Cybersecurity: an essential element of every IoT project
Published on 28/11/2019 in Inspire
An IoT project can only be considered a success if cybersecurity is assured. What security requirements do such projects involve? Frederik Van Den Hof, Enterprise Security Solution Advisor at Proximus, explains.
How important is security for an IoT environment?
Frederik Van Den Hof, Enterprise Security Solution Advisor at Proximus: “Very important. These days developers are under a fair amount of pressure to deliver projects quickly, so security doesn’t always get the attention it deserves. Security by design is not always the starting point. And yet, digital attacks are growing in scale and scope, and affecting ever wider areas.”
“Hackers are particularly inventive so they often use security holes in IoT devices - which are a weak link in many networks. One of the biggest documented Denial of Service attacks (when a system is made inaccessible by a flood of simultaneous requests – editor’s note) used thousands of hacked IoT devices. And then there is the risk of digital attacks on smart cars, for example, or critical infrastructure such as water treatment plants or nuclear power plants.”
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What is the right starting point for security when designing an IoT system?
Frederik: “I think it’s important in any event that you consider what appliances are connected to your network. Especially because segmentation – where you restrict which appliances can communicate with other appliances – is not always a common practice. You don’t want a hacked printer that is able to control a computer. Things like that can be avoided.
We can help companies with that as well. We have a scan tool that charts everything on the network and how it is behaving. And then sometimes you come across things that no one expected: a smart sunblind or a connected air-conditioning unit that talks to dubious servers abroad for one reason or another.”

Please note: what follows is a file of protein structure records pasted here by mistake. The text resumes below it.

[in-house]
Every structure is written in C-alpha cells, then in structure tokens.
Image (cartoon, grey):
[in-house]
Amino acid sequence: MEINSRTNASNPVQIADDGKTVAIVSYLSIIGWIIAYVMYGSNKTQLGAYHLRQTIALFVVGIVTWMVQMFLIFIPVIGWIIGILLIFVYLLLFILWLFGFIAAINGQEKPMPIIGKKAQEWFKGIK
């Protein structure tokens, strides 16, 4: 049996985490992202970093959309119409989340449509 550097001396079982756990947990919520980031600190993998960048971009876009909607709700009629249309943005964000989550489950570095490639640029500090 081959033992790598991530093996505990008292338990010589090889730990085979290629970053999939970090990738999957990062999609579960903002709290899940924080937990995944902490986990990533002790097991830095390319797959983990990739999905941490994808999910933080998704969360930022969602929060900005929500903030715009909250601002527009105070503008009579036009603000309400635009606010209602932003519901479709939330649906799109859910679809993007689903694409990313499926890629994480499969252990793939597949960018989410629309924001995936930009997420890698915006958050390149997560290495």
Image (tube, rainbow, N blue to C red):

You don’t want a hacked printer that is able to control a computer. Things like that can be avoided. We can help companies with that as well. We have a scan tool that charts everything on the network.
Frederik Van Den Hof, Enterprise Security Solution Advisor at Proximus
Are companies more resistant to hacking attempts than private individuals?
Frederik: “Often, yes, because they have already worked out a security policy, for example. What private individual does that? Of course, the impact on companies is often bigger than for a private individual, as well. On the other hand, hackers realize that they can get more out of companies than out of private individuals and we see that in the way attacks target this segment more, too.”
What about updates and patches?
Frederik: “Of course, it’s essential that patches are installed and equipment is kept up to date, for instance by updating the firmware regularly. All the appliances on the network must have the latest software where possible, not just the sensors or IoT devices. That sometimes requires some discipline on the part of the end user, although there are more and more solutions for having this done automatically.”
Finally: what is the link between good connectivity and good security?
Frederik: “One doesn’t have to rule out the other. Security can run perfectly as a sort of layer on top of your connectivity. Security is often seen as a sort of impediment to connectivity and speed, but that really doesn’t have to be the case. You can rule out a lot of risks without having the slightest effect on speed.”
Would you like to know more about IoT and security? In a similar interview we take a closer look at the security aspect of the Internet of Things.